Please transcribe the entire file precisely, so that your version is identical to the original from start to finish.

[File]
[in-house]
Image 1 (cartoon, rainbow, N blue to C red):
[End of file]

[in-house]
Image 1 (cartoon, rainbow, N blue to C red):